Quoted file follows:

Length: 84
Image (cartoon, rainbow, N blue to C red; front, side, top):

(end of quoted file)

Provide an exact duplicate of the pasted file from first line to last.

Length: 84
Image (cartoon, rainbow, N blue to C red; front, side, top):